Smug New York liberal assurance meets cynical Southern corporate evangelism in Belle Boggs’ first novel, The Gulf. The setting for this collision of cultures is a writing school for Christians, thrown together in an abandoned motel on a beach near Sarasota, Florida. What could go wrong?
The unlikely founder of the Genesis Inspirational Writing Ranch is Marianne Stuart, a poet in her mid-30s who has been living in a crummy apartment in New York City, facing the cold truth that poetry will never pay her rent. Marianne’s ex-boyfriend, Eric, a novelist she met in graduate school at NYU, faces a similar reckoning with the precarious nature of writing for a living. He convinces Marianne to join him in a venture envisioned by his great-aunt, who has given him the deed to the beachside motel property. Marianne had joked with Eric in the past that taking tuition money from aspiring Christian poets and novelists might be a way to pay off student loan debt. She soon learns you must be careful what you joke about.
Marianne is an alternately endearing and irritating aggregation of self-defeating impulses. Her mother died of cancer when she was 17, and she hasn’t recovered from her grief. Though she grew up in small-town Virginia, she has adopted a New Yorker’s anti-Southern bias. She’s secular, pro-abortion, and pro-environment, but she agrees to set up a Christian school on the Florida Gulf Coast where her sensibilities are not the norm. Eric had proposed to her a few years earlier, and she accepted him one night, then returned the ring the next morning — but he’s still her best friend, and she’s thinking a joint venture running the school will reboot the romance.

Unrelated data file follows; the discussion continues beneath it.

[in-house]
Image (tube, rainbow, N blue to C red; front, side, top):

Alone at the motel, she vets applications, chooses the members of the first Ranch class, oversees a property upgrade, and begins taking the project seriously. But there’s an undertow Marianne only slowly detects. Great-aunt Frances recedes into the background as the school’s proprietor, and a corporate entity called God’s World God’s Word (GWGW) begins to assert its influence. It’s an aggressive organization that runs for-profit schools, teaching such disparate subjects as hairstyling, nursing, social work, and medical billing. (“A Christian medical billing school?” Maryann asks incredulously.) Operating mysteriously in the background is Eric’s brother, a stockbroker in New York.
Marianne’s growing doubts are countered by her emotional investment in her creation. She’s the one who chose the students from the piles of applications that arrived on paper in “Easter egg colors, baby blanket colors, three-pack-of-panties colors,” some of them smelling “like talcum powder and others like a cloying, familiar perfume, many like menthol cigarettes.” She forms an attachment to this odd collection of aspiring writers, who range from a fallen R&B star to a home-ec-turned-life-skills teacher whose poems are written from the point of view of Terri Schiavo, the comatose woman at the center of a famous Florida right-to-die court case. The Ranch’s eccentric poetry teacher, who crosses out most of the lines in the poems her students submit, and the sleepwalking nonfiction teacher are Marianne’s picks and natural allies, too. Her showdown with GWGW is inevitable.
Boggs, who teaches in the M.F.A. program in creative writing at North Carolina State University, previously published the story collection Mattaponi Queen and a nonfiction book, The Art of Waiting: On Fertility, Medicine and Motherhood. Her first novel is a smart and funny reckoning with the great divide that’s making public life in America chaotic.
Formerly the books editor at The Commercial Appeal in Memphis, Peggy Burch is now the community engagement editor at The Daily Memphian and a member of the Humanities Tennessee Board of Directors. She holds a master’s degree in English literature from the University of Mississippi.